As consumers are becoming more environmentally conscious, the demand for sustainable packaging options continues to increase every year. In response to this demand, as well as to reflect their own sustainability values, Warren Packaging has been working on developing a sustainable packaging line. “We have been working on this line for a couple of years,” says Mike Dittenber of Warren Packaging. “We trialed a lot of different designs and ideas, and these turned out to be the most efficient and popular version of the packaging,” he explains.
Customizable, recyclable and biodegradable
The new packaging is made out of paperboard, which is 100% recyclable and biodegradable, with a window made out of cellulose. “The window is very important,” Dittenber shares. “Right from the start of our research we found that visibility is something that consumers really look for. They want to be able to see inside the packaging and make sure that the product looks good. One of our partners came out with this cellulose window material, which is plastic free and biodegradable, and we decided to incorporate that as a window in our design. This really gives us the best of both worlds: visibility and sustainability,” he adds.
Besides the sustainability factor, there is another big positive to the paperboard packaging. Dittenber explains: “Any graphics that the customer wants can be added to the paperboard, and the graphics can cover the entire packaging. The graphics can be used for marketing purposes but also for educational purposes – explaining to the customer how this packaging helps them support the environment, for example. The fact that we can print directly onto the paperboard also means that the customer is using less materials and has less steps in the process, because they don’t have to apply additional materials as they usually do with standard plastic clamshells.”
Flexibility in design
The design of packaging is very versatile, and Warren Packaging is able to fully resize the design to make it fit any product. “We currently have this packaging on retail shelves in a few different styles: a 16 oz grape tomato clamshell, a 1-pound clamshell for tomatoes on the vine as well as a design for onions. Those are the designs that are currently being produced, but we have several other options available for different products as well, so the growers and packers are able to visualize what the end-product will look like – but we can also fully customize and resize it to fit the specific needs of a customer,” Dittenber shares. Warren Packaging is also running the master cases to fit the clamshells into, to be able to provide their customers with a full package deal.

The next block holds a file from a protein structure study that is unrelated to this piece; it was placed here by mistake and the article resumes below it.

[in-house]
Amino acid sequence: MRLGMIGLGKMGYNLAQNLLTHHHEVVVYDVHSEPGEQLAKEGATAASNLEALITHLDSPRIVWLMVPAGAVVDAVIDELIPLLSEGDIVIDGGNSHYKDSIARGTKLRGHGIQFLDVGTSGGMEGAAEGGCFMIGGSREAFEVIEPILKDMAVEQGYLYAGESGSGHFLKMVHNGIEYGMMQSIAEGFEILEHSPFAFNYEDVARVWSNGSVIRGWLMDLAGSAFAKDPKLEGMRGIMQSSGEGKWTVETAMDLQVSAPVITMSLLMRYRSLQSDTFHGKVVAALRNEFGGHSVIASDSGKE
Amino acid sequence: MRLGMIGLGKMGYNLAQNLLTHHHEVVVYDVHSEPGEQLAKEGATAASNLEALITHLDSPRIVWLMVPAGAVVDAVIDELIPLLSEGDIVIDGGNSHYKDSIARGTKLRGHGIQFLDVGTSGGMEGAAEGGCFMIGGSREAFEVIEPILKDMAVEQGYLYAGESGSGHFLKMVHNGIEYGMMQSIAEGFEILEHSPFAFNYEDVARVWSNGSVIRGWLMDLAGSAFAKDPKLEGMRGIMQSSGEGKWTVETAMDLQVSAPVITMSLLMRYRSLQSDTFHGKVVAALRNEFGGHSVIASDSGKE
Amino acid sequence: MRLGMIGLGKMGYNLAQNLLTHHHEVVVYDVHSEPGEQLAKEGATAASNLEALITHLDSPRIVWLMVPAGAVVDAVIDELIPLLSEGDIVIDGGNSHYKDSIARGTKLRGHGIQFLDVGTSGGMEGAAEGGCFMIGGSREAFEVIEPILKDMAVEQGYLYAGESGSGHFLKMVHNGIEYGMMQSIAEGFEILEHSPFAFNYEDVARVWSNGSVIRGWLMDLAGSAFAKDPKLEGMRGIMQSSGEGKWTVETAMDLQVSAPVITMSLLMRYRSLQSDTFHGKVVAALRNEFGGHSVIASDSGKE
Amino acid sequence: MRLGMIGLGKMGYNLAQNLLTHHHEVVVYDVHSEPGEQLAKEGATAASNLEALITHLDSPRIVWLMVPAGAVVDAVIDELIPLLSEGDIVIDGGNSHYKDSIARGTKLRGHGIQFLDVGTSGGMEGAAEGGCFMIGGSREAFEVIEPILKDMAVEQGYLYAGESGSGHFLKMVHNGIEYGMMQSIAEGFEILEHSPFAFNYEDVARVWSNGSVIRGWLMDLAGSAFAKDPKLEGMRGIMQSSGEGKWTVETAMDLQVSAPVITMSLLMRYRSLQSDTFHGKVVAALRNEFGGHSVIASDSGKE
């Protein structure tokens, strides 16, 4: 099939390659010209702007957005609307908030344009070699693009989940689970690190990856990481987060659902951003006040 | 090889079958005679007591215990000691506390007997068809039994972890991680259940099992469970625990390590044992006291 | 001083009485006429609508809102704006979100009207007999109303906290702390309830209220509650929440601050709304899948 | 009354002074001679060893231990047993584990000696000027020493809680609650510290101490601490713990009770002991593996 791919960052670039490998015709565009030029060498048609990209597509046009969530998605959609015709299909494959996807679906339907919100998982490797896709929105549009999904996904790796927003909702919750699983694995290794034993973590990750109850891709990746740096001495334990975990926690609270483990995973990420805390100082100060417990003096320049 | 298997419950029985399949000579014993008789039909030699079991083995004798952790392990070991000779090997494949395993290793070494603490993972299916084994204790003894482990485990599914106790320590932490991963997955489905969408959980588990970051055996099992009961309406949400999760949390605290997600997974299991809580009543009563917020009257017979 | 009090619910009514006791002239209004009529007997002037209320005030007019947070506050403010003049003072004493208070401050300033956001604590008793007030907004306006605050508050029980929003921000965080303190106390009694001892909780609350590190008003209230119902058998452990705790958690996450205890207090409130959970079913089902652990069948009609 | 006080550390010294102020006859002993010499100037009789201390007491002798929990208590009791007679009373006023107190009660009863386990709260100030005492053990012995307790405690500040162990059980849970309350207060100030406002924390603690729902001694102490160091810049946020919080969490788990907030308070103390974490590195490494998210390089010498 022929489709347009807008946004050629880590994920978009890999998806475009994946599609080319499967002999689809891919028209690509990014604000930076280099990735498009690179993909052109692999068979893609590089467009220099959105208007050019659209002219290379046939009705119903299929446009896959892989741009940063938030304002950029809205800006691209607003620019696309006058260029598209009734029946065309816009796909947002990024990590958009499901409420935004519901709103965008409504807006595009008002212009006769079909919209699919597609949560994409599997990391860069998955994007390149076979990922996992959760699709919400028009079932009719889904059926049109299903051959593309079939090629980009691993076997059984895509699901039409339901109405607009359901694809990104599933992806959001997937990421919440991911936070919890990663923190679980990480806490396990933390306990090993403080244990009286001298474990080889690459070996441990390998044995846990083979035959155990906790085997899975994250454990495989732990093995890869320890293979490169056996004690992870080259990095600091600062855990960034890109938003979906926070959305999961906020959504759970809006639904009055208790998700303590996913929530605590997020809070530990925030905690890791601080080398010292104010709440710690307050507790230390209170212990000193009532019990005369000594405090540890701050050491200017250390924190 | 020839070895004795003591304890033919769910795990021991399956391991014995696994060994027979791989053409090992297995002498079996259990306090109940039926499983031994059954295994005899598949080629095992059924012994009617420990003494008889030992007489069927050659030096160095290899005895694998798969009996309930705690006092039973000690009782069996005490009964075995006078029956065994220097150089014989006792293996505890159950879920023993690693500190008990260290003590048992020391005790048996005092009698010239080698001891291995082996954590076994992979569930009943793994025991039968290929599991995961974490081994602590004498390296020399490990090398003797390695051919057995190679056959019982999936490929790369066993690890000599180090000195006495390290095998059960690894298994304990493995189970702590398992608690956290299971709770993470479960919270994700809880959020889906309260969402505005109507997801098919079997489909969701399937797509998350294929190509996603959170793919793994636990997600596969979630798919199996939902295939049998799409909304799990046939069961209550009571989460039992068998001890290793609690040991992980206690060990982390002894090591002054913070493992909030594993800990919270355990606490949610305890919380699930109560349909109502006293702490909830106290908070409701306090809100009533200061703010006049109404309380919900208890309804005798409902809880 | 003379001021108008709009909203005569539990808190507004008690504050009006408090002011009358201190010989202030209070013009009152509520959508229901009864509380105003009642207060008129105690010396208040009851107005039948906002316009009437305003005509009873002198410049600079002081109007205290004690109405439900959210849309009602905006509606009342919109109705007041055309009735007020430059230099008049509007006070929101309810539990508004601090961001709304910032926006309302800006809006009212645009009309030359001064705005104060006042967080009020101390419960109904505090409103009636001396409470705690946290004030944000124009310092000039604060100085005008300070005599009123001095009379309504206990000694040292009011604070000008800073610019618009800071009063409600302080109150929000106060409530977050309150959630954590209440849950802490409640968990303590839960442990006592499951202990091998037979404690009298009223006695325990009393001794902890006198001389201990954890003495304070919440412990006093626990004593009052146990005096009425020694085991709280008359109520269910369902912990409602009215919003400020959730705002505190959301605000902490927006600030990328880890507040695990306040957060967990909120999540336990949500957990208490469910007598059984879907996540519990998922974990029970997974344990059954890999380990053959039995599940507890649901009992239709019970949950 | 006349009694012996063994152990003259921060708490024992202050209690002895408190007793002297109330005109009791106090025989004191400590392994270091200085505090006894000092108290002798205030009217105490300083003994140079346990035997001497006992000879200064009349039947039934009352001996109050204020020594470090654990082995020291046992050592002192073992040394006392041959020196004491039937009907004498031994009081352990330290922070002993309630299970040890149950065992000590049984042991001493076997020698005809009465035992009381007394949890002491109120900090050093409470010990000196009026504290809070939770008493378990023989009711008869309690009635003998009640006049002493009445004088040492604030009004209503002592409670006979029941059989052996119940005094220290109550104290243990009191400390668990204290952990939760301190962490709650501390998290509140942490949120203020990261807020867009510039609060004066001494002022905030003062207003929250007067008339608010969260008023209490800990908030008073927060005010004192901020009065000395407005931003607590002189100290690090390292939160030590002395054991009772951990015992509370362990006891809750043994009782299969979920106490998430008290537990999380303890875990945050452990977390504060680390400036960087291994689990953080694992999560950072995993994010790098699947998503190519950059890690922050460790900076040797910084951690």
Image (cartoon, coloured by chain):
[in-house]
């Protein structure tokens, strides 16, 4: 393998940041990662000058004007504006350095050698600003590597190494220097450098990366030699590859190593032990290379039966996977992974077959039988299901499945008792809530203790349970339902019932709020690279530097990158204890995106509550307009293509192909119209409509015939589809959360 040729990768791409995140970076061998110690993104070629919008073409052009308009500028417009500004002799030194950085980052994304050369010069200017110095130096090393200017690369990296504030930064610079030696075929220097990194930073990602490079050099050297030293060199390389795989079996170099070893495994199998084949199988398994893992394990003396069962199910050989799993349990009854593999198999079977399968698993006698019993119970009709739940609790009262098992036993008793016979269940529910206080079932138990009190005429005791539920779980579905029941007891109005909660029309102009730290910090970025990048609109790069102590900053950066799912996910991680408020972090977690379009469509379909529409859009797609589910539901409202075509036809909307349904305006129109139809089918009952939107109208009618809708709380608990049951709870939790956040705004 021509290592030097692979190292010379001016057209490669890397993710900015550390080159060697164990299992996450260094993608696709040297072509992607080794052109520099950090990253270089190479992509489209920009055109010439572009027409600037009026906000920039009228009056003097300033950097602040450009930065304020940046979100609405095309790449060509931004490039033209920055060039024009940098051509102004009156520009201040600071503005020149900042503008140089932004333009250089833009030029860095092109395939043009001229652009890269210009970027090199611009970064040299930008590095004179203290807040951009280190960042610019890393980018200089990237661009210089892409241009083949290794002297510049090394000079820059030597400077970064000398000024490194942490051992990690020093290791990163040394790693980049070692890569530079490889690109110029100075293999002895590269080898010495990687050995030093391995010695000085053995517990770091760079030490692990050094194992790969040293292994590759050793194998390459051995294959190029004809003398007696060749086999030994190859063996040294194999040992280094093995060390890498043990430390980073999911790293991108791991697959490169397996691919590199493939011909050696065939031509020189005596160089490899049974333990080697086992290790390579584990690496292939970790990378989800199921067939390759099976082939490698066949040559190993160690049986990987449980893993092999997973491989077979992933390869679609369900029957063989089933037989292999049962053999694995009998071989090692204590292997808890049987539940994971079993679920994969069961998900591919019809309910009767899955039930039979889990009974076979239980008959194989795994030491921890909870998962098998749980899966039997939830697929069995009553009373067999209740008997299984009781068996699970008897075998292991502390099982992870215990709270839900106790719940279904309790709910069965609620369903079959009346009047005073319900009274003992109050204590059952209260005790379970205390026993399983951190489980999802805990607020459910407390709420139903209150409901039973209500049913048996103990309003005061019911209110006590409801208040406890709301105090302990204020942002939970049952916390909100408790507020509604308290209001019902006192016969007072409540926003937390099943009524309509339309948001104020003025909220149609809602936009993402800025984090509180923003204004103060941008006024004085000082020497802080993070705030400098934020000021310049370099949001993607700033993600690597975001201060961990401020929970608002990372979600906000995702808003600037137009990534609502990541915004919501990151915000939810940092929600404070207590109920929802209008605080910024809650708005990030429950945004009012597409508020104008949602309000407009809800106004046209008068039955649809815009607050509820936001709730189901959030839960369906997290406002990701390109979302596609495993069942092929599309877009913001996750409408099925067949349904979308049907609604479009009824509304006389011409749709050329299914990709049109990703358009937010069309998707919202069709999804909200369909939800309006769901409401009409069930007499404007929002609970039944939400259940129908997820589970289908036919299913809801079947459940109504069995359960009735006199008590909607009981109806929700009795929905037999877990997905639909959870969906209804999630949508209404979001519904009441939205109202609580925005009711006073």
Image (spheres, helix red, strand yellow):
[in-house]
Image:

In addition to working with the customer to find the perfect design for their product, Warren Packaging also works with the customer to find the perfect design to fit into their packaging line. “We take care of the design and manufacturing of the packaging and then we send it off to the customer and they pack their products with them. We work with the customer to find the best style to fit into their existing set-up,” says Dittenber.
Demand expands steadily
After finding the perfect design for their sustainable packaging line, Warren Packaging has seen that the demand for the new lineup has been steadily growing since the launch. “When the pandemic hit, we were happy that we decided to go with this closed-concept packaging, rather than some of the open-concept styles we had initially trialed. When the pandemic hit and consumers started to worry about safety in stores, our packaging continued to see steady growth in demand because they offer the same sense of security as the plastic clamshells,” Dittenber says.
For customers who aren’t ready to commit to fully changing their packaging, Warren Packaging also has a sustainable wash-away label available. This option allows customers to make their plastic clamshells more sustainable. “We developed this label with our material supplier for packers and growers still utilizing plastic clamshells. The wash-away label is designed so the consumers can remove the label from the clamshell before recycling so the clamshell can be recycled correctly without the label/adhesive,” Dittenber explains.
“We are seeing a lot of interest and really gaining traction on our sustainable options. It’s the future of clamshells – to transition to more sustainable options and eventually from plastic into paper – and we are happy to be able to offer it to our customers,” he concludes.